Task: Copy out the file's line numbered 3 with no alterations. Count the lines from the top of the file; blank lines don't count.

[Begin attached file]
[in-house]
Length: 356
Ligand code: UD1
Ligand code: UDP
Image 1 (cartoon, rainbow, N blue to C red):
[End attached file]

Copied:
Ligand code: UD1